Life in a Box

Life in a Box. Well, a lot of boxes actually…

Wow! It’s that time again!

It’s been seven years since my last move, and I’m now boxing up stuff in readiness for the best move ever – moving into a new house with my girlfriend. A house that will become our home for life…

I’m cramming stuff into boxes that will no doubt be way too heavy to lift and loving it, and I’m shoving things into bags and padding them with pillows and blankets in an attempt to succeed with what I’ll call “the functional ergonomics of the move”.

Space is at a premium.

I always find moving house to be a cathartic business; a really horrible job that only crazy people like and I, in particular, hate, but cathartic nonetheless.

Stuff that over the years has been moved from the top shelf of a bookcase to the bottom shelf then into a cupboard and then back to somewhere in the middle of the bookcase can now finally be dispatched to the recycle bin.

Magazines that I thought I’d keep to read over and over again are now covered in the detritus of living – thick dust and some form of sticky film. They can go in the bin too.

Way at the back of a kitchen cupboard I find a 2-slice toaster that I bought in about 1836 before electricity was invented. It hasn’t seen the light of kitchen for eons yet still bears the scars of the plastic bag that somehow got stuck to it and melted. I can almost read the writing in the blackened grunge; I think it says, “Caution, this bag will melt if placed near heat”.

There’s my disgustingly mustard-coloured toasted-sandwich maker that still reeks of something terrible I made when I was nineteen and living in a flat. I think I tried to make garlic bread the cheat’s way… and failed.

There’s a tool with handles and a spinny thing in the middle that I think my Mum gave me for a house-warming present many years ago. Never did use it – the gears are still in pristine condition.

Oh, and what a classic! A 48-piece ironstone dinner-set in cream and mission brown that I got as part of a “Glory Box” set from some telemarketing firm that used to advertise on the back page of a weekly magazine. The intent was to put together a whole heap of things you’d need when you married and set up your first house. That relationship fell through in 1979, and we never did walk down the aisle. Lost the girl but kept the dinner set.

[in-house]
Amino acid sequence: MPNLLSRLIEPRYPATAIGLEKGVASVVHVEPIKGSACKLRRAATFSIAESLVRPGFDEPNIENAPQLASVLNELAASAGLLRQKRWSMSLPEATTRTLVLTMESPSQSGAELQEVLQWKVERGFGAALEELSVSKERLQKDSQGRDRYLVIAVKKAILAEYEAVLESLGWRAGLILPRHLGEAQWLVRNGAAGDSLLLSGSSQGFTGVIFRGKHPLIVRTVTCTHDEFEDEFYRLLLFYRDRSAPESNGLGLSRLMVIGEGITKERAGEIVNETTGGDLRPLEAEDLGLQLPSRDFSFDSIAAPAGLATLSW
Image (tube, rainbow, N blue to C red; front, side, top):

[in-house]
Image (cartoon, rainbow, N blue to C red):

My recycling bin is filling fast as I add old mismatched sets of drinking glasses, cracked plates and chipped mugs. A dead aluminium pan goes in too, as does a glass lid from a steaming pot that I can’t find. I think I used it to do an oil change on the bike…

A very stylish serving platter with purple flowers and some sort of art-deco caterpillar crawling up a printed vine can go too, as can the two casserole dishes that haven’t seen the inside of an oven in over twenty years.

Some strangely convoluted tools from the kitchen drawer get tossed too. I reckon some frustrated engineer started a business making this shit after he got the chop from NASA, probably as a way to feel validation after they stopped using his inventions on the Apollo moon missions. He probably invented that $600 bolt that I keep hearing about.

After about six hours of packing I have some very heavy boxes replete with the mainstays of my human existence. There’s my DVD collection (a MUST have), two-dozen books, including those relating to my current favourite subjects of the Cosmos and true crime, and some motorcycling magazines that contain articles I wrote when I was a test riding journalist – I just can’t bear to let them go.

There are smaller boxes with pots and pans and plates and the like and a gazillion framed photographs standing against the wall, ready to go on display in the pool room at the new digs.

Two of my bedrooms are now totally empty, the beds having been reduced to bundles of wood wrapped in sticky tape, and all of the cupboards are bare.

And I feel great. Tired, but great.

Everything’s now ready for the move which happens in about three weeks. There’s not much left to pack up except  those things I’ll need to use in the interim.

I thought I’d need more time, but I was wrong. What will I do for entertainment now?

I think I peaked too soon…


2 responses to “Life in a Box

  1. Bartrim Vendells

    Repack everything so none of the boxes weigh more than 10 kilograms.

  2. Thanks Bartrim, but I can lift them, and I’ll be using a trolley…

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